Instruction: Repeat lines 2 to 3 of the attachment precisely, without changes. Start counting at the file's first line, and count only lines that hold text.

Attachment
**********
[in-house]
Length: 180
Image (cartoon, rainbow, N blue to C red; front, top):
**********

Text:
Length: 180
Image (cartoon, rainbow, N blue to C red; front, top):